A woman raised in the Evangelical Christian community reflects on the "purity" movement and its devastating consequences on the psyches of women, linking her personal experiences with interviews and research.
Part memoir and part journalism, Pure is a horrendous, granular, relentless, emotionally true account of how it feels to be taught—by parents, neighbors, teachers. and pastors—from the youngest age that one’s sexuality (including organs, physical body, and sexual impulses) is disgusting, a mind-set that can lead to only one place: that deep inside, the girl is disgusting, too. Popular writing about conservative religion, especially by secular authors, is often cliché ... She is not a secular outsider, calling out the sexual abuse and subordination of women in the Evangelical world with the condescension and shock of one who 'knows better.' She is an insider who has, through much anguish, shed the damaging constraints of her upbringing ... I have never seen anywhere a more intimate and heart-rending description of what it’s like to be 14 or 15 or 20 years old living under the expectations Evangelicals have about 'purity' ... There will be readers who are tempted to place Pure atop their pile of outrage porn, to tweet and blog about its revelations as more evidence of the hegemony of patriarchy and the oppressions levied upon women—this time by organized religion. They won’t be wrong. But for me, the value of this book is in its gentle and sympathetic descriptions of how a girl learns to absorb the lessons of her oppressive culture and to internalize them.
Refugees from the 'purity industry,' which had a heavy influence on evangelical youth in the latter years of the 20th century, may recognize themselves in Pure, Linda Kay Klein’s eye-opening study of what went wrong when strict interpretations of biblical Scripture became cultural touchstones ... Klein has since spent years interviewing many women about their church experiences, and their accounts are strikingly similar, graphic and disturbing ... Klein’s research supporting the need for reform is compelling, and she makes it clear that sexism and sexual shame directed toward women and young girls are endemic in our society ... For those who seek spiritual community without gender bias, Klein offers empathy and new choices.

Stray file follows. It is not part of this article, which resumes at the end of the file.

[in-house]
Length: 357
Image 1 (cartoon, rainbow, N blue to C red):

She combines memoir with survivor interviews and research on shame, sexuality, and religion to effectively argue that the evangelical sexual purity movement has done lasting harm to many of the women who embraced its message as teens in the ‘90s and early 2000s ... This analysis promises to offer insight for mental health professionals and for those dealing with the fallout of purity teachings. A second valuable contribution of Pure is Klein’s emphasis on the connection between sexual- and gender-based shame in evangelical purity culture ... As Pure demonstrates ... Departing from these long-held patterns to embrace a more nuanced, personal sexual ethic—as some of the interviewees in Pure have done—will be a stretch for many, even as the #MeToo movement knocks on the church’s door.